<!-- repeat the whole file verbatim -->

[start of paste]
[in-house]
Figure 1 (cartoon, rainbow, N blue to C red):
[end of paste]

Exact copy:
[in-house]
Figure 1 (cartoon, rainbow, N blue to C red):